The present invention is a computerized dog-based security system which receives auditory and/or physiological signals from a single or a group of dogs on guard, analyzes them and gives indications as to the alert level according to the dogs' emotional state at any given point in time. The invention is a new and efficient means for integrating the many benefits and advantages of dogs (dogs) into an automatic interpretive security system.
The system receives auditory and/or physiological signals from dogs, performs a unique digital signal processing analysis, and provides an indication as to one of several possible system alert levels and events. At the heart of the system is a series of proprietary audio and physiological data processing algorithms, which digitally sample the signals, filter, identify and analyze the data profile according to predetermined parameters. It can detect the vitality signs of any specific dog, determine whether it is alive and awake, and measure its level of alertness. Based on this analysis, the system can provide a highly accurate estimation of the dogs' state of alertness in a specific location.
The preferred embodiment of the present invention as illustrated in
The processing and analyzing unit 200 is comprised of a signal receiver 210, an analogue to digital (A/D) converter and amplifier 220, a central processing unit 230 and a communications interface 240. The signal receiver 210 receives the signals from each sensor unit 100 and transfers these signals to the A/D converter 220. The converter 220 amplifies the analog signals and transforms the analog signals to digital signals. A central processing unit 230 executes the main processing and analyzing algorithms. It includes an audio processing and analyzing algorithm 231, a physiological processing and analyzing algorithm 232 and a security decision module 233.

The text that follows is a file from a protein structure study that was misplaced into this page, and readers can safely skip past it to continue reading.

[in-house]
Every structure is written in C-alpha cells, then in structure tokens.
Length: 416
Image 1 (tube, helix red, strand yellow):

The audio processing and analyzing algorithm 231 receives the auditory signals and analyses them, hence providing a calculated estimation of the dog's psychological condition (indicating the dogs' alertness level). As illustrated in the flow charts in
The physiological analyzing algorithm 232 processes (see
The security decision algorithm module 233 processes (see
Thereafter, the system determines if the current time frame is a qualified frame by checking whether in the current time frame the signal contains any valid sound patterns. The decision is based on the output of the BPFs' energy levels. This saves analyzing resources since it prevents the system from redundant operation if the signal contains only silence or background noise. If the frame is announced as having substantial data the process continues to the next stage.
Block 231 b in
The next step estimates the pitch or the fundamental frequency of a bark. In addition, it looks for stress signs in the dog's bark.
Three major features of the sampled signal are analyzed on the basis of pitch measurement: distinguishing between barks originating in response to threat and barks, which are a response to routine activity (such as play, trainer, patrol or a stray cat, etc.); distinguishing between barks coming from different dogs and ruling out any sounds which are not barks, such as human speech or shouts. If a certain bark successfully meets all of the requirements of a valid bark, it is qualified and it remains in the bark vector. Otherwise, it is eliminated from the vector.